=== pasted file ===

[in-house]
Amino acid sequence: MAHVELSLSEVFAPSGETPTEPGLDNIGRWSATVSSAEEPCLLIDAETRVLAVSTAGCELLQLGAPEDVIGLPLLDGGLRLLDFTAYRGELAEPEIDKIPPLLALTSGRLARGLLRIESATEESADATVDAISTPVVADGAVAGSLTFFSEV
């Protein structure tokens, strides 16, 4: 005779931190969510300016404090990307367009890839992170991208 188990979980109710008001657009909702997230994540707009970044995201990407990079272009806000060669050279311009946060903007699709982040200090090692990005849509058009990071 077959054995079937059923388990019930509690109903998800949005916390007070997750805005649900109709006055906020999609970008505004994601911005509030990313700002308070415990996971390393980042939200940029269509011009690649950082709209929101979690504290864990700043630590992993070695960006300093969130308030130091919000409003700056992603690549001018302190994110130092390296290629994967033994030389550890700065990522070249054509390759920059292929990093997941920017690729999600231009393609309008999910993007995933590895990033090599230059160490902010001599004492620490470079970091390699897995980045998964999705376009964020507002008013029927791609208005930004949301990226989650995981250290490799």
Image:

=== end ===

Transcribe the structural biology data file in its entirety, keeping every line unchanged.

[in-house]
Amino acid sequence: MAHVELSLSEVFAPSGETPTEPGLDNIGRWSATVSSAEEPCLLIDAETRVLAVSTAGCELLQLGAPEDVIGLPLLDGGLRLLDFTAYRGELAEPEIDKIPPLLALTSGRLARGLLRIESATEESADATVDAISTPVVADGAVAGSLTFFSEV
């Protein structure tokens, strides 16, 4: 005779931190969510300016404090990307367009890839992170991208 188990979980109710008001657009909702997230994540707009970044995201990407990079272009806000060669050279311009946060903007699709982040200090090692990005849509058009990071 077959054995079937059923388990019930509690109903998800949005916390007070997750805005649900109709006055906020999609970008505004994601911005509030990313700002308070415990996971390393980042939200940029269509011009690649950082709209929101979690504290864990700043630590992993070695960006300093969130308030130091919000409003700056992603690549001018302190994110130092390296290629994967033994030389550890700065990522070249054509390759920059292929990093997941920017690729999600231009393609309008999910993007995933590895990033090599230059160490902010001599004492620490470079970091390699897995980045998964999705376009964020507002008013029927791609208005930004949301990226989650995981250290490799």
Image: